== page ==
Bug in a Mug: Are Hospital Coffee Machines Transmitting Pathogens?

Coffee is a popular stimulant among healthcare workers, and coffee machines in break rooms and homes are frequently touched by bare hands. The World Health Organization recommends eliminating any potential vector in the transmission of nosocomial infections, and the search for hazards within hospitals is ongoing. Personal objects and doctors’ attire have been investigated as transmission sources for pathogenic bacteria, leading to the nationwide ban on wearing ties in UK hospitals. However, the coffee maker, household appliances, and hospital staff’s hands are known sources of spreading pathogens, increasing risks for nosocomial outbreaks, increased morbidity and mortality, and financial burden on the healthcare system. A study assessed the microbial population in healthcare-associated coffee machines, focusing on WHO’s high priority “ESKAPE” pathogens, which pose an increasing threat due to possible nosocomial transmission and infections, such as fatal bloodstream or catheter-associated infections.

From October to December 2022, 25 coffee makers were swabbed with their owners’ consent, spanning a range of fully automatic, capsule, and espresso machines. Seventeen were from break rooms and offices at a university hospital’s department of anaesthesiology and intensive care medicine and the Institute for Medical Microbiology, Immunology, and Hygiene in Cologne, Germany, while eight were in staff members’ homes. All coffee makers had been in use for at least a year, and none was specially cleaned before sampling.

The study found 360 strains of micro-organisms isolated from 72 positive swabs from the drip tray, outlet, buttons, handle of the water tank, and inside of the water tank. The micro-organisms were classified into two categories: “medically relevant/typical pathogens,” consisting of species on WHO’s high priority list plus typical pathogens responsible for most nosocomial infections; and “atypical pathogens/commensals.” All species defined as high risk pathogens were tested for antimicrobial susceptibility.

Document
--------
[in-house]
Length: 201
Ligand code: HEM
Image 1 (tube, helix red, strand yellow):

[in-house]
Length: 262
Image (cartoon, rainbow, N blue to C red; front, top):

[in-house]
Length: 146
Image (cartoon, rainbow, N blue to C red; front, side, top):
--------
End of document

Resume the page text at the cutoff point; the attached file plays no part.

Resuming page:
Among the eight genera of “medically relevant” Gram negative species detected, 81% were found in coffee makers at the hospital. In total, 72% of all cultivated Gram negative isolates (148/209)—“medically relevant” and “commensals” combined—derived from hospital-based coffee makers.

Microbial growth was detected on every coffee machine, but few medically relevant and no multiresistant pathogens were identified, excluding any potential resistance against standard antibiotics used to treat severe infections. The majority of cultivated species were commensals or atypical pathogens. Hospital-based machines were about three times as heavily colonised by bacterial species as those at home, reflecting transmission from the hands operating these machines—and only family members at home.

Gram negative pathogens and commensal species were common, with potential medically relevant Gram negative species predominantly detected on the drip tray and water tank handle. However, only one isolate of each of those pathogens—E coli, K pneumoniae, and P aeruginosa—was cultivated, even though they are the predominant Gram negative nosocomial pathogens. S aureus was cultivated only twice, indicating either impeded colonisation on coffee makers or consistent compliance with hand disinfection protocols.

To our great relief, despite their potential for pathogen origins in nosocomial outbreaks, a general ban on coffee makers doesn’t seem necessary. Commensal species—the majority of detected species—are of no concern and are expected. The finding of medically relevant species emphasizes the necessity of following WHO’s Five Moments for Hand Hygiene, which considerably reduces the risk of transmission.

Read More @ BMJ

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